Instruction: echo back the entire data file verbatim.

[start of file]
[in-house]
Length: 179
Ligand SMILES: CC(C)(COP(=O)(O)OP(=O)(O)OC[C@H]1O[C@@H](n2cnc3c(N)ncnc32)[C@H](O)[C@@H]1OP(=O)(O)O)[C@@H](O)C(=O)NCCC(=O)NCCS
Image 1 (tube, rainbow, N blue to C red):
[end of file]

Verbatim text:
[in-house]
Length: 179
Ligand SMILES: CC(C)(COP(=O)(O)OP(=O)(O)OC[C@H]1O[C@@H](n2cnc3c(N)ncnc32)[C@H](O)[C@@H]1OP(=O)(O)O)[C@@H](O)C(=O)NCCC(=O)NCCS
Image 1 (tube, rainbow, N blue to C red):